So there’s the trade-off if you want to take a jungle vacation in this part of the the world-bad roads (Sumatra), or leeches (Borneo).
After swimming and p[laying in the waterfall, we returned to our campsite to pack up our stuff and put it in plastic bags so it could go down the river in the tubes with us. We also had time for one last fruit snack.
Tubing down the river through the river rapids was fun! And a lot easier than hiking back through the jungle. It took us only about 40 minutes to get back to our guest house in Bukit Lawang. We were surprised to find that the town had come alive while we were gone. When we left, we were some of the only tourists in town, but when we returned, there were people everywhere! They were mostly locals, who had the day off from work and school because it was the Chinese New Year holiday. According to our guide. Indonesians get a lot of holidays; the Muslim holidays, the Christian holidays and also the Chinese holidays. I guess in their multicultural society, they need to celebrate them all (or at least get the day off.)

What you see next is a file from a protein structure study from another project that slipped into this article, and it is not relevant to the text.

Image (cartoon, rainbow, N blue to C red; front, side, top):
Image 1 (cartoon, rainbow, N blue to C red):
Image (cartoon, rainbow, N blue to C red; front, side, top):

We likely looked a lot like the photo above when we went down the river. We were in four tubes tied together, with two people in each of the back three tubes, with our supplies tied between the tubes. Our guide Nijet was in the front tube steering us safely down the river around the many rocks that were sticking out. He did a pretty good job, although he did fall out when we went through one of the sets of rapids! Fortunately, he was able to climb right back into the tube, and nobody else fell out during the trip!
We checked back into our Bukit Lawang guest house; showered and cleaned up, and ate lunch. While we were eating lunch, some orangutans came down on the far side of the river. This made two of the other tourists eating lunch in the restaurant very happy, as they had gone trekking in the jungle the same day that we did, and only seen two orangutans all day. So we were very lucky to see so many orangutans, or we had a very good guide, or maybe both!
After lunch, we decide to explore the town. It had been dark when we walked through it before, so we had not seen much of it by flashlight. Below is a photo of the main street (and only street) in Bukit Lawang. A motorbike could go down it, but not a car.
We did some shopping in Bukit Lawang. Harmony got a t shirt and earrings, and I bought a necklace and earrings that were carved out of wood by a local artist.